ACLJ lawsuit against IRS swells to 41 conservative groups
The American Center for Law and Justice Tuesday added 16 additional tea party and conservative groups to their original 25 organization lawsuit against the Internal Revenue Service — bringing the number of groups in their court challenge to 41.
“The floodgates opened after we filed our initial lawsuit,” ACLJ chief counsel Jay Sekulow said. “We have been contacted by many additional organizations that have been unlawfully targeted by the IRS — revealing that this unconstitutional scheme was pervasive and damaging to our clients.”
ACLJ is arguing that the IRS unfairly targeted conservative groups seeking tax-exempt status for extra scrutiny, delaying applications, making “unconstitutional” requests for information such as donor lists, Internet passwords and user names, copies of social media activities and the political activities of family members.
Of the now 41 groups 19 of the organizations received their tax-exempt status after long delays, 17 are still waiting, and 5 withdrew due to frustration over the process.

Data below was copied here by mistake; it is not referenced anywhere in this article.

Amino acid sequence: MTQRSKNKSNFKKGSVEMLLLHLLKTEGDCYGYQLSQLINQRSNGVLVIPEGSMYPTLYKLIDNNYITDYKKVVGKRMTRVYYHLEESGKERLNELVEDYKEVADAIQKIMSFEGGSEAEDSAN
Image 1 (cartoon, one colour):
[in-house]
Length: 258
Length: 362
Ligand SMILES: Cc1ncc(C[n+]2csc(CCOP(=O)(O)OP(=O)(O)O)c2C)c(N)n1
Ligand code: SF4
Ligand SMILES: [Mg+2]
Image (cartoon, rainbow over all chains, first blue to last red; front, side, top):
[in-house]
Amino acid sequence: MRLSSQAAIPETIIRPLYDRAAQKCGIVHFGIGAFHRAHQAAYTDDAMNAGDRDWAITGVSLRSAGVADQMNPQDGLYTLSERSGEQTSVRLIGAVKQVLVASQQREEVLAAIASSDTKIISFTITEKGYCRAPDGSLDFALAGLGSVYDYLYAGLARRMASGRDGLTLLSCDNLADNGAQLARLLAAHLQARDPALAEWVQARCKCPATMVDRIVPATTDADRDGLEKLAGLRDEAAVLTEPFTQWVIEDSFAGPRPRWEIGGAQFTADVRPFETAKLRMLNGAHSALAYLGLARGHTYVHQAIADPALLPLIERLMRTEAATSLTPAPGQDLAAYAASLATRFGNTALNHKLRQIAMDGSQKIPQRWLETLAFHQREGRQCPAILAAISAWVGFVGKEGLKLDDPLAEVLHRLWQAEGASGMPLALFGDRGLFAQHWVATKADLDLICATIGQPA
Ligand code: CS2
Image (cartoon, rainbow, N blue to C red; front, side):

ACLJ believes the Obama administration, by targeting these groups violated First and Fifth Amendment of the Constitution as well as the the Administrative Procedure Act, and the rules and regulations governing the IRS. They are seeking injunctive relief to protect their clients from retaliation as well as compensatory and punitive monetary damages.
A pro-life group is among the groups added to the suit today. AMEN (Abortion Must End Now) of Yuma, Arizona received a letter from the IRS in October of 2010 questioning whether their goals to educate about the effects of abortion would be acceptable. The group’s tax-exempt application is still pending.
“Now we have evidence that the IRS is somehow uniquely qualified to make a determination about content and regulate how a pro-life organization can explain its mission and beliefs,” Sekulow said of the IRS’ questions to AMEN. “Imagine the outcry if Planned Parenthood or NARAL was subjected to this abuse. This is another blatant example of an IRS out of control — an agency that embraces unlawful and unconstitutional conduct.”
Another group added to the complaint, the Arlington Tea Party of Arlington, Texas, received an IRS request for a “a temporary Username and Password that we could use to review your organization’s website” as well as print outs of its social media pages, fundraising solicitations, workshop materials, and handouts.
The group applied for tax-exempt status in 2011.They are still waiting for approval.